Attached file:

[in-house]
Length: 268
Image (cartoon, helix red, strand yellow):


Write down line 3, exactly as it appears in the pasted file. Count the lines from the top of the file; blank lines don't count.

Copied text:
Image (cartoon, helix red, strand yellow):